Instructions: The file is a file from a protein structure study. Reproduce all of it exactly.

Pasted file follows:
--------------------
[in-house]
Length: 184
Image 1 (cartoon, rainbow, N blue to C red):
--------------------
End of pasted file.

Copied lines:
[in-house]
Length: 184
Image 1 (cartoon, rainbow, N blue to C red):